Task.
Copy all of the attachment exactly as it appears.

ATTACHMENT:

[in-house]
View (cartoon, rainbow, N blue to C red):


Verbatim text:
[in-house]
View (cartoon, rainbow, N blue to C red):